Sincere question for Mitt Romney: Why did you bother running for Senate if not to stand up to Trump?

“Why?” It’s a question I think many of us find rising to our lips—along with a little bile reflux—when pondering the presidency of Donald Trump. And I’m not even talking about the question of why our electoral system declares someone the victor after losing by 3 million votes. Today I want to explore the question of why—other than Rep. Justin Amash of Wisconsin, who deserves great credit for his call to impeach the president—Republicans in Congress have remained publicly in lockstep with Individual 1 on the Mueller report.

I’d like to focus on one Republican who has been particularly disappointing: former Republican presidential nominee and now Sen. Mitt Romney. Romney has a tortured history with Mr. 46% of the Popular Vote (one percent fewer than Romney won four years earlier, which you know irks him to no end). Romney asked Trump to endorse him in 2012 (Trump claims there was begging involved, not that I believe anything he says). In March 2016, in an attempt to convince Republican voters to choose anyone other than Trump, Romney spoke out:

“Here’s what I know: Donald Trump is a phony, a fraud,” Romney said. “His promises are as worthless as a degree from Trump University. He’s playing members of the American public for suckers: He gets a free ride to the White House, and all we get is a lousy hat.” Romney said that “dishonesty is Donald Trump’s hallmark,” pointing to his “bullying, the greed, the showing off, the misogyny, the absurd third-grade theatrics.”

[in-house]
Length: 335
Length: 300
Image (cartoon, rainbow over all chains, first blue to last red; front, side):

Romney also added this via tweet:


If Trump had said 4 years ago the things he says today about the KKK, Muslims, Mexicans, disabled, I would NOT have accepted his endorsement

— Mitt Romney (@MittRomney) March 3, 2016

Given that Trump had already established himself as the head birther by the time he endorsed Romney, we can obviously take this claim with a grain of the stuff for which that great big lake in Utah is named. The point is that, by 2016, Romney had already gone on record with his feelings about Trump.

Just after the inauguration, Trump interviewed Romney (see the above photo) for the job of secretary of State, a job in which, perhaps, Romney thought he could serve the national interest in some way. Personally, I think Trump thought he’d bring in Romney just to tease him, and never considered for a second hiring someone he considered to be disloyal. In other words, Trump played Romney for a fool.

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